‘Security’ is the word on everyone’s lips at the moment, following Edward Snowden’s revelations of indiscriminate snooping from the US and UK governments. The leaks have provided a reminder that companies operating online need to think seriously about how secure their data is. That being the case, if you’re a social media manager, you’re sure to be interested in software from start-up, MyPermissions, which offers a neat way to regain control of your social media channels and prevent online embarrassments.
What’s accessing your accounts?
MyPermissions was founded 18 months ago after CEO, Olivier Amar, had his account hacked and found he couldn’t revoke the offending app’s permission to post in his name. In response, he created the software to help users control who/what has access to their social media accounts. MyPermissions yesterday extended its full service to Twitter, meaning users will now be informed as to exactly what software and apps have permission to access their account in real time.
In social media we trust
Trust is key when running a business and communicating with customers. For this reason, the consequences of a hacking incident can be especially damaging. A clear example of this was seen when the Associated Press’s stock fell by 1% after fake tweets about an explosion at the White House were sent from its account following a hacking. With 250,000 Twitter accounts also affected by a Twitter hacking incident earlier this year, the need for businesses to protect their accounts from malicious software and apps is stronger than ever before.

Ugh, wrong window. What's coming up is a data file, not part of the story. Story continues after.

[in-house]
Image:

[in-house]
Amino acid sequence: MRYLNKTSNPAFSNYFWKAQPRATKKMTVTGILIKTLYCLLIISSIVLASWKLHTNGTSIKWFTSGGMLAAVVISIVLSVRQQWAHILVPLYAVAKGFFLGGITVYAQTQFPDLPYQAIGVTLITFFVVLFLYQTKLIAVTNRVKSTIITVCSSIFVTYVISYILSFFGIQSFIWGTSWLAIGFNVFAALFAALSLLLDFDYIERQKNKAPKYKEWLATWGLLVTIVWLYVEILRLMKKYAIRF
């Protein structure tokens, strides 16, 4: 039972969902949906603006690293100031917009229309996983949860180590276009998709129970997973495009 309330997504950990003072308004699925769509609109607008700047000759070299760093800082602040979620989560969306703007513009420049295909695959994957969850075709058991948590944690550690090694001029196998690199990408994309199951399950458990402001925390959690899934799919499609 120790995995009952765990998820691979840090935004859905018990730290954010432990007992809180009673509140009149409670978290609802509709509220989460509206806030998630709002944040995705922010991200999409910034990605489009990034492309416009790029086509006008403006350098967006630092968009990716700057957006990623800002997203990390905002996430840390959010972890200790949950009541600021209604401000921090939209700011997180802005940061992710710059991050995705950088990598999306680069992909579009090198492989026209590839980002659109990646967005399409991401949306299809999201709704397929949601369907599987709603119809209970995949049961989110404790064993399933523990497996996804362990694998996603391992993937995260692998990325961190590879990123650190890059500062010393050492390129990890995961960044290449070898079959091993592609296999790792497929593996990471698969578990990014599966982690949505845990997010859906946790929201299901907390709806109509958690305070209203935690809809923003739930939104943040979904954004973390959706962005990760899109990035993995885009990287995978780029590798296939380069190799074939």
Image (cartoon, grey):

MyPermissions became an online success story after crowd funding efforts saw it raise $1 million in seed funding. It’s available as a browser add on, and also on smartphones. The software is designed to prevent embarrassing incidents from occurring, by providing social media users with a simple way to see and manage which applications have access to their accounts. It also aims to provide peace of mind for anyone who is representing their company’s image and brand through social media channels, by allowing them to revoke permissions from shady apps. Of course, the software does not completely protect accounts from hackings, but it does represent a step towards a more secure social media operation.